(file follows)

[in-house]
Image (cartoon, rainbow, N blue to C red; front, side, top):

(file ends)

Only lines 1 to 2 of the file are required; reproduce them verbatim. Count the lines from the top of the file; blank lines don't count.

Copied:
[in-house]
Image (cartoon, rainbow, N blue to C red; front, side, top):